Blog 13: 1.7.3 - 1.8.1

Paul Helm

The Christian church is subordinate to the Word of God.  She does not grant the Bible its authority. Divine authority exercised through Scripture comes before the church, it is not established by the church.

Calvin here begins to develop a contrast between the certainty conveyed by the Holy Spirit and 'mere opinion', a discussion which continues at least to the end of Chapter 9. Certainty comes by the operation of the Spirit on our minds as we attend to Scripture. The Spirit  begins to clear our ignorance and unbelief, making it apparent 'that the teaching of Scripture is from heaven'. (1.7.4). The Spirit graciously compels this response in those hearts in which he works. How? By illuminating the content of Scripture, its saving message, its heavenly doctrine.  The matter of Scripture is intrinsic to the manner of its reception. So whoever remains ignorant of Scripture cannot expect to have its divine authority conveyed to his soul. Hence the urgent need for Bible translation and for faithful preaching and teaching The certainty that the Spirit conveys that here the living God is speaking is stronger than mere opinion, which is as high as the authority of the church, or of human argument, can reach.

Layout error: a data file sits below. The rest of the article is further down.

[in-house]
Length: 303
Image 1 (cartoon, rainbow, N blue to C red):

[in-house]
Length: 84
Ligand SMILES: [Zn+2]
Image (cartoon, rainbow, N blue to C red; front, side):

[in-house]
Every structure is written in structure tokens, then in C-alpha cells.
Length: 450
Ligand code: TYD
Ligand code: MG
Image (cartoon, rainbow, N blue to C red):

This is Calvin's famous and distinctive teaching on the self-authentication of Scripture. By the Spirit, Scripture bears testimony to itself. The doctrine is here stated briefly, forcefully and eloquently. 'By this power we are drawn and inflamed, knowingly and willingly, to obey him, yet also more vitally and more effectively than by mere human willing of knowing!' What Calvin says here is not to be missed, for it is foundational for the entire theological project that is to follow.